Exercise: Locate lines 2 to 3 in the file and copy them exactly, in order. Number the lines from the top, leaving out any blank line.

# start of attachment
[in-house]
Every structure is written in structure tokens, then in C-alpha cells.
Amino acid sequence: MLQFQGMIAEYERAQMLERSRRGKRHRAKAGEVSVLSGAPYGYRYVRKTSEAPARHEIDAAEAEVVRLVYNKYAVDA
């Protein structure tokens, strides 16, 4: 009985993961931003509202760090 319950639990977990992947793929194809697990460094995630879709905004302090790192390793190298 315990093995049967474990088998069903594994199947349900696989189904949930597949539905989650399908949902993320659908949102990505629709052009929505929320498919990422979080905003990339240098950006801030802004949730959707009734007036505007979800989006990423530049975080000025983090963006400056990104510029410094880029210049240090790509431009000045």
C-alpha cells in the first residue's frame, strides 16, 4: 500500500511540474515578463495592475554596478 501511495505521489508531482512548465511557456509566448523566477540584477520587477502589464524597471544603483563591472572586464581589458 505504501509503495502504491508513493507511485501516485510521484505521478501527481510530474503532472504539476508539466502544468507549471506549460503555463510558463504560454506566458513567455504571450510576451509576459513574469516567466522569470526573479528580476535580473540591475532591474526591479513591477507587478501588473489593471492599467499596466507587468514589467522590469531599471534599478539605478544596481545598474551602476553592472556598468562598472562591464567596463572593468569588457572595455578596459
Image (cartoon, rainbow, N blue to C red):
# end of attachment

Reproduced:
Every structure is written in structure tokens, then in C-alpha cells.
Amino acid sequence: MLQFQGMIAEYERAQMLERSRRGKRHRAKAGEVSVLSGAPYGYRYVRKTSEAPARHEIDAAEAEVVRLVYNKYAVDA